• Kyodo News


An education panel of the House of Representatives on Thursday approved a set of three reform bills aimed at instilling patriotism, reinforcing state control over local education boards and requiring teachers to renew their licenses every decade.

Members of the governing Liberal Democratic Party and coalition partner New Komeito voted on the bills, which are set to pass through the Lower House on Friday before being sent to the House of Councilors.

Prime Minister Shinzo Abe, who has put priority on education reform, hopes the bills will be enacted during the current Diet session through June 23, coalition sources said.

Abe told reporters Thursday evening he was pleased the panel approved the bills because they are important in helping the Cabinet’s educational reform plan move forward.

Earlier in the day, the lower chamber’s Special Committee on Rebuilding Education held its final deliberations on the bills.

Abe, in reply to questions from both the ruling and opposition camps at the committee, said, “It is extremely important to teach morality and a sense of public duty in schools.”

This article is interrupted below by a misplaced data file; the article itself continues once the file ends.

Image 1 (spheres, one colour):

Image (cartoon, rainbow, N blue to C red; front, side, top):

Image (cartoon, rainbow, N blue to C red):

One of the bills will revise the School Education Law by adding a provision for making patriotism one the goals of compulsory education. Another will amend the regional education administration law by reinforcing the education minister’s power to manage schools.

The third bill is designed to strip teachers of tenure and instead require them to renew their licenses every 10 years.

The move came after the postwar basic education law was revised in December to instill patriotism, a move that was met with strong protests, particularly from teachers.

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